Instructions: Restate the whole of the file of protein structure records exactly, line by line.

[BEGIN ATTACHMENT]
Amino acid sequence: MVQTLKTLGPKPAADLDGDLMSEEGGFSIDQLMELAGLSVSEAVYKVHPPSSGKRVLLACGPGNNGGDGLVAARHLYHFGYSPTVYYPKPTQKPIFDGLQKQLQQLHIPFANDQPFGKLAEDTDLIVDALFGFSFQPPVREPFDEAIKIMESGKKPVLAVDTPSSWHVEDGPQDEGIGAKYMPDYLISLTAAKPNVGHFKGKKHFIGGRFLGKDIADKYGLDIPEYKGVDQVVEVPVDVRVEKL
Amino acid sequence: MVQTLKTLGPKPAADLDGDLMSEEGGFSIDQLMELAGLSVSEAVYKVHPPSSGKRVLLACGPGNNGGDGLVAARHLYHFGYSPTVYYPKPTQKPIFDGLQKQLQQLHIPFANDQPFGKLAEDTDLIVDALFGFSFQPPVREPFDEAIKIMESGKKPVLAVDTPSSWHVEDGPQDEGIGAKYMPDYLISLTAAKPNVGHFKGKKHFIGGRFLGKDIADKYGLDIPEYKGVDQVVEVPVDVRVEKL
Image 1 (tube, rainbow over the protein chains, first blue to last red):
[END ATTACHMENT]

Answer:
Amino acid sequence: MVQTLKTLGPKPAADLDGDLMSEEGGFSIDQLMELAGLSVSEAVYKVHPPSSGKRVLLACGPGNNGGDGLVAARHLYHFGYSPTVYYPKPTQKPIFDGLQKQLQQLHIPFANDQPFGKLAEDTDLIVDALFGFSFQPPVREPFDEAIKIMESGKKPVLAVDTPSSWHVEDGPQDEGIGAKYMPDYLISLTAAKPNVGHFKGKKHFIGGRFLGKDIADKYGLDIPEYKGVDQVVEVPVDVRVEKL
Amino acid sequence: MVQTLKTLGPKPAADLDGDLMSEEGGFSIDQLMELAGLSVSEAVYKVHPPSSGKRVLLACGPGNNGGDGLVAARHLYHFGYSPTVYYPKPTQKPIFDGLQKQLQQLHIPFANDQPFGKLAEDTDLIVDALFGFSFQPPVREPFDEAIKIMESGKKPVLAVDTPSSWHVEDGPQDEGIGAKYMPDYLISLTAAKPNVGHFKGKKHFIGGRFLGKDIADKYGLDIPEYKGVDQVVEVPVDVRVEKL
Image 1 (tube, rainbow over the protein chains, first blue to last red):